Coaching can develop those leadership qualities that have been empirically proven to be associated with success. These include: cognitive capacity, social capacities, personality style, motivation, knowledge. Focused on the future, not the past, the right leadership coach can enhance performance, build confidence, and help tackle difficult problems.

One leader Jeanine Cogan worked with for years said, "Leadership coaching is a wonderful source of support for me - smart, wise, and compassionate. I had obstacles that were getting in the way of my success. Jeanine helped me identify, understand, and address those obstacles so I could get out of my own way."

Here’s what the experts who study leadership coaching say:

  • Coaching dramatically improves working relationships, resulting in a 5:1 return on investment.
  • Return on training that is paired with coaching can be productivity increases of up to 88% – four times the increase without coaching.
  • When a leader is unsuccessful and derails from their position, it typically costs an organization 150% of salary. This figure is in addition to productivity loss and team disruption.

How does leadership coaching work? Through one-to-one conversations – conversations that can happen remotely in this era of Covid – a leadership coach will help you or your key staff members move past an impasse, learn new skills, and work through communication challenges. Leadership coaches are not therapists; they are sounding boards, guides, and problem-solvers.

But leadership coaching isn’t for everyone. It works best when someone has a genuine desire to learn and grow. People who tend to blame others for their failures or act as victims rarely benefit from leadership coaching

 Of course, a good fit is essential; the ineffable chemistry between two people must be right to build the trust required for optimal results. You don’t want just any leadership coach – you want an experienced, savvy, personable coach whose only focus is meeting your goals.

Capacity Partners has two outstanding coaches – Louise Stoner Crawford and Jeanine Cogan – who are ready to help you, your key staff, and your board members meet the unique challenges of leading a nonprofit organization in 2020.  Want to learn more? Louise and Jeanine would be delighted to chat with you. Simply email them at louise@capacitypartners.com and jeanine@capacitypartners.com.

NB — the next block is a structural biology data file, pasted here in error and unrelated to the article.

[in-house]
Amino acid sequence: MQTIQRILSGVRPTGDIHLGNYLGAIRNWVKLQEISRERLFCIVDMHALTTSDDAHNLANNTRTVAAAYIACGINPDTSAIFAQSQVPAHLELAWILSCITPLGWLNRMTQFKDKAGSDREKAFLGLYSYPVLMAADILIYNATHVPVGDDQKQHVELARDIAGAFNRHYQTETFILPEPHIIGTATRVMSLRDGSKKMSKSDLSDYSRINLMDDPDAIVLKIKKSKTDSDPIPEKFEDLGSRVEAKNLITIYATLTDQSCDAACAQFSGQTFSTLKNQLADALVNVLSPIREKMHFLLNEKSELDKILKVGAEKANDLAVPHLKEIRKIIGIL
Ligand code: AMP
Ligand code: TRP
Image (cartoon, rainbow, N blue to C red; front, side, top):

Leading a Nonprofit in a Pandemic

March 16, 2020

When times are tough, leaders step up. And these are unprecedented times. We are each called to be a leader now, whether in our roles as nonprofit executive directors, fundraisers, business owners, parents of young children, or children of older parents.

The path forward is unclear but the one thing I do know with absolute certainty is that the unique strengths of nonprofits and your steadfast commitment to serving our community will enable us to weather this crisis. Our nonprofit organizations will serve as bastions of strength in a wobbly world, and Capacity Partners is prepared to help you in any way we can. Our job, quite simply, is to help you do yours in this extraordinary moment in history.

How do you maintain community while social distancing? What are the best practices for donor stewardship during a pandemic? Are there tips to help employees, who now have children home for weeks, do their work effectively? How do you turn a live event into a virtual one?  Because the situation is incredibly fluid, solutions devised on Monday may be outdated by Thursday.

Below are some thoughts and ideas from some of our team members that we hope will help you.  Please keep sending me your questions at mary@capacitypartners.com, and we will respond.

Additionally, to assist our nonprofit clients, Capacity Partners would like to offer a free hour of consulting with one of our team members during the coronavirus pandemic. If you’re interested, please send me an email at mary@capacitypartners.com.  

Mary RobinsonCapacity Partners Founder & President

Ideas and tips for managing a nonprofit during this pandemic

The Capacity Partners team put their heads together (virtually, of course) and developed these suggestions for development, donor stewardship, communication, and management.

Donor Stewardship and Communication

  • The one lesson of the Great Recession is the importance of staying in touch with your donors. Email them, or better yet, call. Ask how they are doing. What do they need? Can your organization support them? If so, how?
  • Be in direct personal contact with your most important donors with a brief overview of the basics, including if you are closed, how staff is working, if your service area is directly affected, how you are maintaining the highest level of service possible, etc. Remember it is fine to admit you don’t have a particular answer or that your organization is still working to solve a problem. Asking your donors for advice will also keep them engaged.